Maternal supply of methionine during late pregnancy is associated with changes in immune function and abundance of microRNA and mRNA in Holstein calf polymorphonuclear leukocytes

C. B. Jacometo, A. S. Alharthi, Z. Zhou, D. Luchini, J. J. Loor

Research output: Contribution to journalArticlepeer-review


Pregnancy and early life are critical periods during which environmental factors such as nutrition can affect development. Rumen-protected methionine (Met; RPM) supplementation during the prepartum period improves not only performance but immune responses in dairy cows. We investigated the effects of enhanced maternal supply of Met via feeding RPM on whole-blood in vitro lipopolysaccharide (LPS; 0, 0.01, or 5 μg/mL of blood) challenge and targeted microRNA and mRNA abundance in calf blood polymorphonuclear leukocytes (PMNL). Calves (n = 12/maternal diet) born to cows fed RPM at 0.08% of diet dry matter (DM)/d (MET) for the last 21 ± 2 d before calving or fed a control diet with no added Met (CON) were used. The PMNL were isolated at birth (before colostrum feeding) and d 1 (24 h after colostrum intake), 14, 28, and 50 of age. Maternal blood was collected at −10 ± 1.3 d relative to calving. Cows in the MET group had greater DM intake and lower prepartal haptoglobin concentration. In CON cows, haptoglobin was positively correlated with proinflammatory and host-defense mRNA abundance in CON calves. Except for NOS2 and NFE2L2, abundance of CASP8, MPO, ZBP1, and TNF was lower at birth in MET calves. Interleukin 1β concentration in response to LPS challenge in CON and MET calves was greatest at birth, underscoring the role of this cytokine for lymphocyte activation. Compared with 1 d of age, the interleukin-1β response to incremental doses of LPS was greater at 14 through 28 d, suggesting that the neonatal calf can mount a robust response to inflammatory stimuli. Greater abundance in CON calves of NOS2, CADM1, and TLR2 coupled with lower SELL from 1 through 50 d of age suggested a chronic activation of the PMNL. There was a marked upregulation over time of MIR125b, MIR146a, MIR155, and MIR9 in both CON and MET calves, suggesting that these microRNA could affect gene transcription associated with differentiation and inflammatory function in PMNL. Regardless of maternal diet, the gradual downregulation of MIR223 (the most abundant microRNA in PMNL) is in line with the progressive increase over time in the proinflammatory signature of the PMNL. Data revealed the potential for maternal supply of Met during late pregnancy through either greater DM intake or Met to elicit some changes in PMNL function during early postnatal life, partly through changes in mRNA expression encompassing cell adhesion and chemotaxis, oxidative stress, Toll-like receptor signaling, and Met metabolism.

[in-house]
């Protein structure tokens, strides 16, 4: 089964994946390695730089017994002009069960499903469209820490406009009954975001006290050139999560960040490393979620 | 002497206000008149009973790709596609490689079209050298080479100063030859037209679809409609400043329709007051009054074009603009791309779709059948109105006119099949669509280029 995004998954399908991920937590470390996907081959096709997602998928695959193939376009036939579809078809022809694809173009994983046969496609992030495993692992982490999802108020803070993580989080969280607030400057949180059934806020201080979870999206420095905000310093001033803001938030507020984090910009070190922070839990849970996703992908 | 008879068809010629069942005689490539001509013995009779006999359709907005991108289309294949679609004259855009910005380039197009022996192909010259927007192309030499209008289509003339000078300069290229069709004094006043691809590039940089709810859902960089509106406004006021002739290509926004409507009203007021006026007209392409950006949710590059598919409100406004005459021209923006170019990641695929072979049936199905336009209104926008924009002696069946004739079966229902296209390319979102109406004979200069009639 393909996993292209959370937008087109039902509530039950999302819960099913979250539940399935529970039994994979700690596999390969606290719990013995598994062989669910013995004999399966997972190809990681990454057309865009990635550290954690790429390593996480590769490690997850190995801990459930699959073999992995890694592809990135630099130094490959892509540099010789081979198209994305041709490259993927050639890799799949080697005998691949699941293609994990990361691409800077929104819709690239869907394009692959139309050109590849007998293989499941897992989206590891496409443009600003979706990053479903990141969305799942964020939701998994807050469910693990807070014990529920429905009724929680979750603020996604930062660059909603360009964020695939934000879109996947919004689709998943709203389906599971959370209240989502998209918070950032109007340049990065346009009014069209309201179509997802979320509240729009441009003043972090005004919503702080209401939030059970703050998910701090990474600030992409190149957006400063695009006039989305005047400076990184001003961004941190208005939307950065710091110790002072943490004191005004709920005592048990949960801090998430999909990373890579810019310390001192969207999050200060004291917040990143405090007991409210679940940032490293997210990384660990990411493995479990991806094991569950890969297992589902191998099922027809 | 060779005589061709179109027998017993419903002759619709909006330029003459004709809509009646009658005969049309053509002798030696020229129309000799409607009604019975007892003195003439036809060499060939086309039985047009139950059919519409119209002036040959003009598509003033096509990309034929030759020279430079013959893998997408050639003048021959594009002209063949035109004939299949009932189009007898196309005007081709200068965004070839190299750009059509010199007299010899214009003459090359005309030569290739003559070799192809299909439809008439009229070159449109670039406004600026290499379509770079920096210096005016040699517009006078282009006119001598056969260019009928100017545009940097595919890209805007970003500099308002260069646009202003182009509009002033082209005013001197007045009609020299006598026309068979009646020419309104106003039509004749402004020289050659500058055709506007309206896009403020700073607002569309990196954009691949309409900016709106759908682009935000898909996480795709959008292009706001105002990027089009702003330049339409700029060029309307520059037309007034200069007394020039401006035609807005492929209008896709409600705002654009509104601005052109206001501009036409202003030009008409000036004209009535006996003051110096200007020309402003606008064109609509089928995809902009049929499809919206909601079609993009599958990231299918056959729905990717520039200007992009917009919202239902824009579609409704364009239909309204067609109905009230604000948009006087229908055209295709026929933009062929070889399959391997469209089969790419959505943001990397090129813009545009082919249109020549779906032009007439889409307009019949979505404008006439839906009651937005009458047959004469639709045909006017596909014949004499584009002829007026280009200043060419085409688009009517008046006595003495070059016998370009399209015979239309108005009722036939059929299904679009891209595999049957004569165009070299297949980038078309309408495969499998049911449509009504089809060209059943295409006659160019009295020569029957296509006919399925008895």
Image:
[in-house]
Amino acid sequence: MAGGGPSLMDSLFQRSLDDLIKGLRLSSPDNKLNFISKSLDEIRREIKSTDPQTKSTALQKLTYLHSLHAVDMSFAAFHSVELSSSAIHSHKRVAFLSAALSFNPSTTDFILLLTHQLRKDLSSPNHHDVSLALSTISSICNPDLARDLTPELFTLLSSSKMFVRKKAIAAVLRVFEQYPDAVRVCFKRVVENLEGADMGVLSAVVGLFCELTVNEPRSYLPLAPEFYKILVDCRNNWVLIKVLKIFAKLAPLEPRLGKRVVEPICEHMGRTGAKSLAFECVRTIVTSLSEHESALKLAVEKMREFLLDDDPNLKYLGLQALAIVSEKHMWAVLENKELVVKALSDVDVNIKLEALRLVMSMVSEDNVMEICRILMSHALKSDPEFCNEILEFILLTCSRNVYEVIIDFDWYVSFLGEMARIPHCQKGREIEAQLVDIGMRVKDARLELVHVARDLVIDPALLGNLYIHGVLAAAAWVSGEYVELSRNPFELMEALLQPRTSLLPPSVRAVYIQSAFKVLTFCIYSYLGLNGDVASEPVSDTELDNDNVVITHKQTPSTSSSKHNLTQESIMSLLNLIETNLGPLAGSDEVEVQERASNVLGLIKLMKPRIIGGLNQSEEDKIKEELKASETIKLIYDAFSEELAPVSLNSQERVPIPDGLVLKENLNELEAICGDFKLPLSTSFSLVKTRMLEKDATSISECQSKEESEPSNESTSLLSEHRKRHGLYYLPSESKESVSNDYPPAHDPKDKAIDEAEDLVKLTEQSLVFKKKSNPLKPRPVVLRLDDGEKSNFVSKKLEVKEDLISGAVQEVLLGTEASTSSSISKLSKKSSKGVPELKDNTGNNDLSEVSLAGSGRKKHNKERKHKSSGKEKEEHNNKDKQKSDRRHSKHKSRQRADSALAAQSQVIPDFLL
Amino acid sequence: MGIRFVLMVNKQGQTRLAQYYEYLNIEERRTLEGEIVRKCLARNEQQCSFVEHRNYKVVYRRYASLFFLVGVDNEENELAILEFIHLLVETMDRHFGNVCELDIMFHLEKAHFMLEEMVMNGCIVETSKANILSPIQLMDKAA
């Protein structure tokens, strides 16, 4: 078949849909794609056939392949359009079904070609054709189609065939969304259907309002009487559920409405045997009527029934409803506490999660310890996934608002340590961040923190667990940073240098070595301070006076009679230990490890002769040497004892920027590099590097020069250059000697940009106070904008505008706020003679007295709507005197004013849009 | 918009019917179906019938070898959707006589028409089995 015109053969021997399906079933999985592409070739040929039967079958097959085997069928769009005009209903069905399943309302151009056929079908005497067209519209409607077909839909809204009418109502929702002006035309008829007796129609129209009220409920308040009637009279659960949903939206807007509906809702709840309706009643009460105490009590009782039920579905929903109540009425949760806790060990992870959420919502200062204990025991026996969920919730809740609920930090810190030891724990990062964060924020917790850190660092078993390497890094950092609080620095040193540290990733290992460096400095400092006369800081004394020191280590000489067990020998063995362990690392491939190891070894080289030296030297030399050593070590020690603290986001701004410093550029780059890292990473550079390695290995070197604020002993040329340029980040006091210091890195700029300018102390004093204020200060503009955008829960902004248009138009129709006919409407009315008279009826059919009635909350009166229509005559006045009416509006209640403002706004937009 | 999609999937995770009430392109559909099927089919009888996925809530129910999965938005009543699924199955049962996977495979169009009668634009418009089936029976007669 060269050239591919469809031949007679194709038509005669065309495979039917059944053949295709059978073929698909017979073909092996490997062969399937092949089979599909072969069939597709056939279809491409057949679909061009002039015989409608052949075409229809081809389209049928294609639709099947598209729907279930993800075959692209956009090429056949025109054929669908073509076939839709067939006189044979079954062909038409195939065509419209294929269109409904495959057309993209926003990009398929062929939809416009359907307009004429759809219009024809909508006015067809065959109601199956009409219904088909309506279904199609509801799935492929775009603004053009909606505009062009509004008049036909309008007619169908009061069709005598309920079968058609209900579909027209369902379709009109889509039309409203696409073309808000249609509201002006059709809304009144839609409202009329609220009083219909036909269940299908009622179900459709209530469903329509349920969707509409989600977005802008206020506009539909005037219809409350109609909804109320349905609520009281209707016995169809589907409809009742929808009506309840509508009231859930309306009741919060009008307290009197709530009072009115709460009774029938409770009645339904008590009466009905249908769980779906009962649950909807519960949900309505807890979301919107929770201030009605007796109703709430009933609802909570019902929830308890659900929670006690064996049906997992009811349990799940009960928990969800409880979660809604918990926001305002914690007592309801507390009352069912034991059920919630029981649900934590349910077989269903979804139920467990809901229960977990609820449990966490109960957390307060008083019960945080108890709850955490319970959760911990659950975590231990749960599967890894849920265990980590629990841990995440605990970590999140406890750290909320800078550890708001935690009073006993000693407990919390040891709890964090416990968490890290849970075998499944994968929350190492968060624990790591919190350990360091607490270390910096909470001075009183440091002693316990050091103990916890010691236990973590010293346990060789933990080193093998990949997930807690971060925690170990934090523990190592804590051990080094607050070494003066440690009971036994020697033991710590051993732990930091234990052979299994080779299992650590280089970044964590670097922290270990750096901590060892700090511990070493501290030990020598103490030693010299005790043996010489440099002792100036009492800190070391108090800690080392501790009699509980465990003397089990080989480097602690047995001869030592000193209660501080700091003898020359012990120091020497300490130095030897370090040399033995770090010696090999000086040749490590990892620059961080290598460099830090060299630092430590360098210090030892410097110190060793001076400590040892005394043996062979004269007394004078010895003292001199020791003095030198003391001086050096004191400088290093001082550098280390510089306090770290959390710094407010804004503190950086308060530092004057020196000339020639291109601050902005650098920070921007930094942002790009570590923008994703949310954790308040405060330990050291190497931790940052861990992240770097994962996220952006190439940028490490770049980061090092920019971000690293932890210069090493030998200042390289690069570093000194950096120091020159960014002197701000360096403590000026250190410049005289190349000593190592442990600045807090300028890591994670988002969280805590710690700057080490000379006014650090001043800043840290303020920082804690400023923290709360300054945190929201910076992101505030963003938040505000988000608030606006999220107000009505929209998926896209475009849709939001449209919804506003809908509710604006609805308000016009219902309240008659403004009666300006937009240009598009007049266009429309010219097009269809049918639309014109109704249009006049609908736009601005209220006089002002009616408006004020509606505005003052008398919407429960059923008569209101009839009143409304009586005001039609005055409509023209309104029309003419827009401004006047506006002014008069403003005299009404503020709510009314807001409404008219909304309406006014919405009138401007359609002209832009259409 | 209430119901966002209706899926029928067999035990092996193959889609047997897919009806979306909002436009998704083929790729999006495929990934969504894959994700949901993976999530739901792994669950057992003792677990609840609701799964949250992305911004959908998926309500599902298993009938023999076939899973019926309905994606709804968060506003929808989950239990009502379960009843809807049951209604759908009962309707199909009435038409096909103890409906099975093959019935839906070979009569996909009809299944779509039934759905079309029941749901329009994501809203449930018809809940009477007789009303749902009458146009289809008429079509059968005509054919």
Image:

Original languageEnglish (US)
Pages (from-to)8146-8158
Number of pages13
JournalJournal of Dairy Science
Issue number9
StatePublished - Sep 2018


  • glutathione
  • inflammation
  • nutritional programming
  • transsulfuration

ASJC Scopus subject areas

  • Food Science
  • Animal Science and Zoology
  • Genetics


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